Tying a Marline Hitch
Lacing tape is an inexpensive method of wire dressing. It is used extensively throughout the aerospace, electronics, medical and many more smaller specialist manufacturing industries. In use, lacing tape does not create sharp obstructions along the length of the cable, avoiding the handling and safety problems of cables groomed by plastic cable ties, and the resulting harness is much easier to manage and maintain than if other management solutions, such as convoluted tubing, were used.
There are two common techniques for grooming wire harnesses with lacing tape. The first is a single knot technique, where individual short lengths of lacing tape are tied and knotted along the length of the harness. The other is a Marline Hitch, where long, continuous lengths of tape are used with running lock stitches along the length of the wire bundle. Either one is generally acceptable, and both will result in a properly dressed harness.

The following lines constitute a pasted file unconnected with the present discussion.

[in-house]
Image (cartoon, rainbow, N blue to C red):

Depending on the length of your wire bundle, you can work comfortably with a piece of lacing tape up to 20 feet long. For shorter bundles, start with a piece about 2 or 2 1/2 times the length of the wire run. The length needed will vary with the thickness of the bundle, and the spacing of the stitches.
Start the installation on one end with a locked clove hitch or other secure knot, leaving most of the length on one end of the knot, and just enough to finish the knot on the other.
Snug the knot tight and trim the short end to about 1/8" or so. Keeping the lacing tape as flat and free of twists as possible, move down the wire bundle about 4 inches and form a simple lock stitch.
Continue along the bundle, repeating the lockstitch at regular intervals.
When you come to the end of the installation, take a couple of extra turns into the lock stitch, and tie the lacing tape off with a square knot. Trim the end, and you're done. Some people will put a drop of glue on the knots for extra security, but this is completely optional.